Urban renewal takes community. Now that’s a loaded phrase! The first question that comes to mind when I hear that is, “What in the world do you mean when you say ‘community’?” Everyone has a different idea of what community is, and for every idea of what community is, there are hundreds of different ways that each idea could be lived out.
So I am not going to give my opinion of my ideas of what community is supposed to look like; that task is impossible because of all the various contexts and cultures that exist. What I hope to do though, is to paint a mental ethos of community and lay a foundation of some of the earmarks of healthy communities.
Jean Vanier, a Catholic philosopher turned theologian, in 1964 founded a community called L’Arche in France. L’Arche communities are intentional places of living where those with intellectual disabilities are able to have a safe place to live and share life with others who have intellectual disabilities as well as those who do not.
A core ethos of L’Arche communities is for each community to display the “reality that persons with intellectual disabilities possess inherent qualities of welcome, wonderment, spirituality, and friendship.” They desire to explicitly display “the dignity of every human being by building inclusive communities of faith and friendship where people with and without intellectual disabilities share life together.” (from the web: http://www.larcheusa.org/)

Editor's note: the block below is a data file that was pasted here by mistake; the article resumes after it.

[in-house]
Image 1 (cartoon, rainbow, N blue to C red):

So as to not reinvent the wheel, I want to use the inherent qualities L’Arche values as a means to lay a foundation or a framework for healthy communities which is a vital element of urban renewal.
Welcome: an instance or manner of greeting someone with pleasure and approval.
Greeting someone with love and warmth is an acquired gift, especially when we’re greeting someone who is radically different than we are, and possibly offensive in the way they live. Community takes a welcoming spirit. I was a Young Life leader for 10 years and have been associated with Young Life at an intimate level since 1994.
Young Life leaders (in my area at least) are some of the best welcomers I know. The spirit that Young Life exudes to kids in jr. and sr. high is one that is opposite of our every day culture. Mainstream culture (Christian and non-Christian) typically says, “You can belong to our group once you behave a certain way and believe what we believe.” Young Life flips that cultural script and says, “You belong with us regardless of your behavior and beliefs.” This is risky business, but I believe it’s the right kind of business to be about.
For community to work and be healthy, it must start with a welcoming spirit that says, “You belong here, even though there are big difference between us.” Belonging precedes behavior and belief.
Wonderment: a state of awed admiration or respect.
In the Christian, Judaic, and Sufi Islam worldviews, all humans have inherent value and worth because of the belief that we are all created in God’s image, which was later coined in it’s Latin form as the “Imago Dei.” When this doctrine is properly understood and fully believed, self-righteousness, biases, judgements, and racism will eventually all fade away, and we will begin celebrating the beauty of our differences.
Being thrilled about the gifts we bring to one another and respecting and valuing the differences of ourselves and other people is an essential element of healthy community. It is easy for us to be in a state of judgement and criticalness of each other, but to begin to be awed and amazed at the uniqueness and diversity of humanity is a part of every thriving community. Wonderment ought to follow welcoming.